Primo Levi, chemist and award-winning writer, was born in Turin, Italy, in 1919, to a family of Italian Jews. His family were mostly non-practising, as was Levi himself. However, in 1938, his Jewish ancestry became a sudden and serious liability. That year, Mussolini's government enacted a series of anti-Semitic regulations that outlawed mixed marriages, expelled Jews from the universities, and forbade them even to own certain kinds of property. Despite the Fascists' racial laws, Levi managed to complete his degree in chemistry at the University of Turin in 1941. But he had difficulty finding work. And two years later, when the Germans invaded northern Italy, Levi fled to the mountains with a pearl-handled pistol, joining an ineffectual band of partisans. He was captured almost immediately by a troop of Fascist militia, and soon found himself crossing the Brenner Pass in a cattle car, en route to Auschwitz.

Out of the 650 Italian Jews in his "shipment," Levi was one of the 20 who left the camps alive. He attributed his survival to luck, to his skills as a chemist - which the Germans utilized in the Buna synthetic-rubber factory attached to the camp - and to the help and support of his friends. He also had the paradoxical good luck to come down with scarlet fever just as the Germans began to evacuate the Auschwitz complex. Left behind for dead, he survived, and was liberated along with a handful of other disease-ridden inmates in January 1945.

The Truce tells the story of his difficult journey back to Italy. He returned to his childhood home (until his death he lived in the house he had been born in), established himself in the field of industrial chemistry, married and raised a family, and wrote several books including If Not Now, When? a fictional story about the war, drawn from the experiences outlined in The Truce; the award-winning The Periodic Table, a series of short stories related to chemical elements; The Sixth Day, a book full of fanciful, almost SF stories of weird inventions mingled with folk tales, and also The Wrench, Other People's Trades and The Mirror Maker. He also translated Franz Kafka, and produced a series of Piedmontese folk tales. However, he is probably best-known for his non-fiction writings on the concentration camps.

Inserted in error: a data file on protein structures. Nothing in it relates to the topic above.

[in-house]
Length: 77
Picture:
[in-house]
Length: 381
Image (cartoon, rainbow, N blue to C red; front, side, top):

What kept him alive through the Holocaust was an intense need to bear witness, as he explains in the books. If This Is a Man offers reasoned, poignant witness to the horrors of Auschwitz and describes effectively what life was like in the camp. The Drowned and the Saved, his last book, is more questioning: it attempts to answer the questions raised by the phenomenon of the camps, such as why some survived - from reading his work it is evident that he was tortured by guilt about the fact that he made it out, while others died. While writing the books he also lectured, gave interviews, and led tours to Auschwitz, yet he always wondered if he had done enough. Once, pointing to the number tattooed on his arm, he said, "That is my disease."

He died mysteriously in April 1987 after toppling four floors down the stairwell of his home apartment block: whether his death was accidental or suicidal remains unknown. His tombstone in Turin bears his name; his dates of birth and death - and his number, 174517.

NB: Non-UK titles of these books may be different in other countries.
There is also a self-titled biography by Myriam Anissimov.

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